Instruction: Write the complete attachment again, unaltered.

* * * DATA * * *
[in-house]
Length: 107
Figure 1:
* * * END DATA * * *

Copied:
[in-house]
Length: 107
Figure 1: